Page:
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Making arrangements for children at Christmas


As Christmas approaches, the question often comes up in family law as to who is entitled to spend time with the children and when. Jenna Atkinson, associate solicitor in our family law team, explains how to parents can navigate holiday arrangements amicably.

It can be difficult for separating families to ensure Christmas remains a special time for the children. Each case is unique, and a child-focused approach is crucial.

Reaching an agreement on your own

There is no specific provision in law for Christmas family arrangements save that child arrangements are governed by the Children Act 1989, section 8. The court will consider a welfare checklist, enshrined in the Act, when considering an application before it. It is highly recommended that parents firstly try to reach an agreement between themselves to suit their individual circumstances.

If your child is old enough (as a guide, from the age of nine upwards), it is very important that their wishes and feelings are taken into consideration, and this will be given more weight as the child approaches the age of 16. Court involvement should be a last resort where all other options have been explored and still no agreement has been reached.

Putting the child’s view first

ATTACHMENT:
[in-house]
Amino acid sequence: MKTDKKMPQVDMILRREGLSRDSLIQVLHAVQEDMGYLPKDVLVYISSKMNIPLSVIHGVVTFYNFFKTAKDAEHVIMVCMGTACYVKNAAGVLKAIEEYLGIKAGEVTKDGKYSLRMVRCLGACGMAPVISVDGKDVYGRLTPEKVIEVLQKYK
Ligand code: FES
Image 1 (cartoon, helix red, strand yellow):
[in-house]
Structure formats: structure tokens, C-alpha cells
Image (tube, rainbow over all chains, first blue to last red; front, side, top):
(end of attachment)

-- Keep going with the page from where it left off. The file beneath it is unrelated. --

The best strategy is to approach the situation as far in advance as possible. The later it is left, the more stressful it will become to resolve the issue. It is important to open up communication with each other and make realistic suggestions. It is also important to consider the child’s perspective and their wishes and feelings. Once something has been agreed, it is always vital to follow this up in writing to avoid any future misunderstandings.

If matters cannot be agreed, an alternative form of dispute resolution may be appropriate such as mediation. If all other means have been exhausted then an application to the court may be required to resolve matters so that future arrangements are defined and set out in an order, which will then be legally binding upon both parents.

The Family Court’s stance

When the Family Court is asked to make an order in respect of the arrangements for the children, it must not do so unless it would be better for the children than making no order at all. A judge will consider how matters should be resolved to ensure what is in the best interests for the children is determined.

Court lists can be exceptionally busy in December so, if it is clear early resolution of a dispute is unlikely, an early court application should be made.

It is important specialist advice is sought on these issues. If you wish to seek advice regarding Christmas arrangements for your children, or any other family matters, please contact Harrison Drury’s family law team on 01772 258321.

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